There is very little perception that supporting gay marriage will help the Conservatives electorally. Only 9% think it will help them, 17% damage them, 66% think it will make no difference (needless to say, people’s perception of whether it will help or hurt the Conservatives is not necessarily the same as whether it will. Polling on how policies directly affect voting intention is extremely dubious, but what there is suggests it is very much a case of swings and roundabouts – they lose about the same as they gain). Asked how they would react to their own son or daughter being gay, 63% of people say they would be very or fairly comfortable with it. 17% say they would be fairly uncomfortable, 8% very uncomfortable.

On the Royal Baby prank call 67% of people think that the Australian radio station should take some or a lot of blame for the suicide of the nurse who took the prank call. However, they are fairly evenly split over whether the DJs responsible should be sacked – 39% think they should be, 43% think they should not. 61% think that the offer of AUS$500,000 to a memorial fund to the nurse’s family is the right way to make amends, compared to only 24% who think there should be greater compensation or people should pay with their jobs. More generally, 50% think that similar prank calls should not be allowed in the future, 41% think they are harmless as long as they are done responsibly.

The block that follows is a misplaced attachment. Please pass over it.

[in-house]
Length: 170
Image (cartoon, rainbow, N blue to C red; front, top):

Finally people continue to narrowly support the existing arrangements for teachers pay over more performance related pay (by 48% to 43%). Asked about the role of teaching unions, 26% think that they are an obstacle to reform and that the government are right to take a hard line, 45% think that the government should listen to them more (28% say don’t know or neither). 31% of people would support a ban on teachers taking strike action.

I return once again, with a heavy heart, to the issue of gay marriage. There is more rather one-eyed polling by the campaign against gay marriage, dutifully reported the Telegraph. The way polling commissioned by the lobby opposed to gay marriage is reported by the newspapers and those commissioning it is almost a masterclass in poor interpretation of polls.